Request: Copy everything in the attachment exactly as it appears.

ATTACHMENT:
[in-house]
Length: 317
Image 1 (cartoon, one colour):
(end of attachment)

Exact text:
[in-house]
Length: 317
Image 1 (cartoon, one colour):